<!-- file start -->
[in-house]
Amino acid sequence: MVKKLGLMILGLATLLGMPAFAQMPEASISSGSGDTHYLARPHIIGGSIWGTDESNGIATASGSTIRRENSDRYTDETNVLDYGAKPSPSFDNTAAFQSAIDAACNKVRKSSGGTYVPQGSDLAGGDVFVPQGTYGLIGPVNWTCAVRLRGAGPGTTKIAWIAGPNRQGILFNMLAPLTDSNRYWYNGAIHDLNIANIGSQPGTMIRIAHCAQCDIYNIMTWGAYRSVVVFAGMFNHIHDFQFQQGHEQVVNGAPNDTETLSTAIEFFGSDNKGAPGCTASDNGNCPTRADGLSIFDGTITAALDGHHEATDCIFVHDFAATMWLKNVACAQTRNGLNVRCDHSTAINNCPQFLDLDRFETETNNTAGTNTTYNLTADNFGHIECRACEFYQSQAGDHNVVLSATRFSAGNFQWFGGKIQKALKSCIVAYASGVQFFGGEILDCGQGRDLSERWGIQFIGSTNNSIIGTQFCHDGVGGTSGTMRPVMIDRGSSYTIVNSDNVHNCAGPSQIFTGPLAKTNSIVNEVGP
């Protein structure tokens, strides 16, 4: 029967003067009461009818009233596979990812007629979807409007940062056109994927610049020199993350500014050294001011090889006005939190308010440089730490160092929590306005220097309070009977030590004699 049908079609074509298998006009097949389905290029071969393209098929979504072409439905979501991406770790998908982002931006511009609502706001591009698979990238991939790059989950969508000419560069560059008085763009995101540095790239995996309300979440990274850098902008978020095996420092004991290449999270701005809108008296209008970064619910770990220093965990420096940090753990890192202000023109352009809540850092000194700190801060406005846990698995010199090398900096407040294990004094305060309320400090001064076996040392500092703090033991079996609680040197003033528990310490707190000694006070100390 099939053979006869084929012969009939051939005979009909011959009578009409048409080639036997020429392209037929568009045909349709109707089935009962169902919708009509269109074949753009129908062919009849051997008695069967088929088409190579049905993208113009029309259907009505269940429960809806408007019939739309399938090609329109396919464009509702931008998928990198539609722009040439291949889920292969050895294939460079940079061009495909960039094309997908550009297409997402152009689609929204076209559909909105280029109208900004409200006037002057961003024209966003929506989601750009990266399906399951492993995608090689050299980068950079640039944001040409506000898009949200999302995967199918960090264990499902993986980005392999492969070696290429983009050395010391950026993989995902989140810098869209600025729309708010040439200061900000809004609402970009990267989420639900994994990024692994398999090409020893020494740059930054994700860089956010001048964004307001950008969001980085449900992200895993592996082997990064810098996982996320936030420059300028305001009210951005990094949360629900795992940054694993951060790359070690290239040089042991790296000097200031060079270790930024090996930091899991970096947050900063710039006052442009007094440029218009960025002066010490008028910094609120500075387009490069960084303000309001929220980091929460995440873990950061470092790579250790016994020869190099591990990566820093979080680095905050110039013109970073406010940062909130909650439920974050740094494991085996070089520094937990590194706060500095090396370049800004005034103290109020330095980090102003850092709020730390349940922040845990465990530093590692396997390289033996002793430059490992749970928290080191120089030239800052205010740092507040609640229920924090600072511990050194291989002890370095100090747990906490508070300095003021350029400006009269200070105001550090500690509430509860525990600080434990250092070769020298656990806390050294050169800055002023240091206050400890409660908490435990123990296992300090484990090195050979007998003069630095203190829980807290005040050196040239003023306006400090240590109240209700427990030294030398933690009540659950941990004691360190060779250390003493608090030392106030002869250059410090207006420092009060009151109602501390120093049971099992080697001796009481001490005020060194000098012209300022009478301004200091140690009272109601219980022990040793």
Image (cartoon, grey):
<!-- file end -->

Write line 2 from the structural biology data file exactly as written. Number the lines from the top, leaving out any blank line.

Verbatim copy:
Amino acid sequence: MVKKLGLMILGLATLLGMPAFAQMPEASISSGSGDTHYLARPHIIGGSIWGTDESNGIATASGSTIRRENSDRYTDETNVLDYGAKPSPSFDNTAAFQSAIDAACNKVRKSSGGTYVPQGSDLAGGDVFVPQGTYGLIGPVNWTCAVRLRGAGPGTTKIAWIAGPNRQGILFNMLAPLTDSNRYWYNGAIHDLNIANIGSQPGTMIRIAHCAQCDIYNIMTWGAYRSVVVFAGMFNHIHDFQFQQGHEQVVNGAPNDTETLSTAIEFFGSDNKGAPGCTASDNGNCPTRADGLSIFDGTITAALDGHHEATDCIFVHDFAATMWLKNVACAQTRNGLNVRCDHSTAINNCPQFLDLDRFETETNNTAGTNTTYNLTADNFGHIECRACEFYQSQAGDHNVVLSATRFSAGNFQWFGGKIQKALKSCIVAYASGVQFFGGEILDCGQGRDLSERWGIQFIGSTNNSIIGTQFCHDGVGGTSGTMRPVMIDRGSSYTIVNSDNVHNCAGPSQIFTGPLAKTNSIVNEVGP